(C) “Nonsale distribution” means to give smokeless tobacco or cigarettes to the general public at no cost, or at nominal cost, or to give coupons, coupon offers, gift certificates, gift cards, or other similar offers, or rebate offers for smokeless tobacco or cigarettes to the general public at no cost or at nominal cost. Distribution of tobacco products, coupons, coupon offers, gift certificates, gift cards, or other similar offers, or rebate offers in connection with the sale of another item, including tobacco products, cigarette lighters, magazines, or newspapers shall not constitute nonsale distribution.
(2) For the purpose of this section, a “seller” is any person or entity, within or outside the state, who agrees to sell tobacco products to a customer within the state. The United States Postal Service or any other public or private postal or package delivery service is not a seller within the meaning of this section.
(3) For the purpose of this section, a “carton” is a package or container that contains 200 cigarettes.
(f) A district attorney, city attorney, or the Attorney General may assess civil penalties against any person, firm, corporation, or other entity that violates this section, according to the following schedule:
(1) A civil penalty of not less than one thousand dollars ($1,000) and not more than two thousand dollars ($2,000) for the first violation.
(2) A civil penalty of not less than two thousand five hundred dollars ($2,500) and not more than three thousand five hundred dollars ($3,500) for the second violation.
(3) A civil penalty of not less than four thousand dollars ($4,000) and not more than five thousand dollars ($5,000) for the third violation within a five-year period.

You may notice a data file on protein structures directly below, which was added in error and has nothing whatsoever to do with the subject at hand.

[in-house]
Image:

(4) A civil penalty of not less than five thousand five hundred dollars ($5,500) and not more than six thousand five hundred dollars ($6,500) for the fourth violation within a five-year period.
(5) A civil penalty of ten thousand dollars ($10,000) for a fifth or subsequent violation within a five-year period.

SEC. 12.

 Section 671 of the Civil Code is amended to read:

671.
 Any person, regardless of their citizenship status, may take, hold, and dispose of property, real or personal, within this state.

SEC. 13.

 Section 13000 of the Education Code is amended to read:

13000.
 (a) This part shall be known and may be cited as the California Civil Liberties Public Education Act. The purpose of the California Civil Liberties Public Education Act is to sponsor public educational activities and the development of educational materials to ensure that the events surrounding the exclusion, forced removal, and internment of citizens and permanent residents of Japanese ancestry will be remembered, and so that the causes and circumstances of this and similar events may be illuminated and understood.